Wow, you name it I guess. For the boring stuff, I work with most aspects of Microsoft Office (Excel, Word, Visio, Power Point, blah, blah, blah) for various creative documents, charts, and so on. For hands-on stuff, I work with Photoshop, 3D Studio Max, Audition, Premiere, After Effects, and anything else that does something that I need at the time, in order to convey some idea or put together a working test or R&D project.

    Do you think being a reader is pertinent to game design and if so what kinds of material do you think most helpful?

    It's funny you should ask. I RARELY read books. You can start booing me now, I know. Jurassic Park and The Lost World were the last books that I read cover-to-cover. I've always been drawn much more to visuals and sound than I have to text. Film, Music, Illustration, Animation; those are way more my speed. Somewhere along the line though, I managed to become a fairly decent writer and communicator, so I must have been paying attention. Stay in school, kids!

    As it pertains to game design, I always try to keep it simple because no one wants to read a lengthy document these days. I try to avoid epic undertakings on paper. If you have 30 minutes to convince a room full of business people (or anyone for that matter) that your team deserves a few million of their dollars, you had better not be thumbing through a 200-page document. You typically have to use more tightly focused creative writing as a portion of a larger overall presentation.

    Could you share one or two tips for aspiring game designers?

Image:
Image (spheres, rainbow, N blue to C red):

It's a brave new world right now. The indie scene, freeware tools, and overall accessibility are exploding! It's a great time to explore so many different approaches to creating small or personal projects. I'd start there. Identify what it is that motivates you to make games. Is it because you like to play them? Is it because you have an idea that you think is unique? Is it because you love art, or sound, or problem solving? What do you like to play? Try to make a sample of that with available editors or engines. I wish I had all of this at my fingertips when I was younger and needed less sleep!

    I got into making maps for Quake 2 with an editor called Quest. That really turned me on to wrapping my brain around more proper 3D modeling, and I dove into 3D Studio from there. It's really important to find something that you have fun doing, or get some great satisfaction from. The risk for burnout can be pretty high, since making a game is a lot less glamorous than one might think, especially if you're aiming for a more ambitious project.

    Given the speed of advancements in technology and capability, what do you imagine video game design of the future will be like?

    My guess is that all of the upcoming 3D tech will play a bigger role in games than it will in television or at-home movies. I don't really think that the 3D TV broadcasts will hit quite as hard as the providers and manufacturers would hope, so I think games could really end up driving the experience. TV is too casual to commit a bunch of extra money to for gear or glasses, just to watch the news or a sitcom. But, by its very nature, a game is more of a conscious investment than a TV show, so I have a feeling that people will be more willing to gear up to play or show off a cool 3D game. Games like Modern Warfare, or Boom Blox, or Patapon could also use the tech in really cool and different ways. Can you imagine Patapon utilizing paralaxing 2D layers that pop in 3D? Or Alien Homonid? I would buy that game for the 3rd or 4th time to see and play it like that, even though it's hard as Hell!

    What is your favourite joke?

    Two guys walk into a bar. One looks at the other and says "Shit, man. I didn't see it either!"

    Am I allowed to curse? Too late. :-)

    A lot of your work has been tied to the Tony Hawk franchise. Do you see yourself going back to Tony Hawk or anything like it in the future?